Transforming Hospital Design

Several aspects of the Packard expansion project have been improved by the first-hand participation of physicians, nurses, multidisciplinary care teams and parents. Their input and feedback has led to a number of important changes—before construction even begins.

Two sets of full-scale hospital mockups—operating rooms, recovery rooms, patient rooms, and more—were constructed to exact architectural specifications and include every fixture from sinks, beds, overhead booms and monitors right down to electrical outlets, oxygen and gas hookups, light switches and hand sanitizer dispensers. Realistic, scripted scenarios allowed staff to test the new designs and workflow.

“They didn’t send the space shuttle off without building models, testing and modifying,” says Michael Edwards, MD, chief of pediatric neurosurgery. “We may not be as complex as the space shuttle, but the process is still important to ensuring safety and effectiveness.”

Building mock-ups also helps the construction teams, who analyze how the headwalls come together and how to position pipes, electrical wiring and data infrastructure. “There was not one room in which we didn’t make significant changes,” says Jennifer Romer, RN, lead senior project manager. “By modifying the design now, before building, we saved millions of dollars.”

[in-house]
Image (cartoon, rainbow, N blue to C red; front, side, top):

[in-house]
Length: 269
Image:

Transforming Hospital Design

The mock-ups and scenarios allowed input from multiple perspectives, with staff and patient suggestions resulting in many improvements for streamlined patient care. For example, in the new hybrid operating rooms, which connect MRI scanner rooms directly to the surgical rooms, the teams found that they needed a bed to fit both the angiogram and MRI scanner so that patients would not have to be moved. Since no such table existed, their feedback resulted in groundbreaking medical equipment that will likely be used in the future design of hospitals everywhere.


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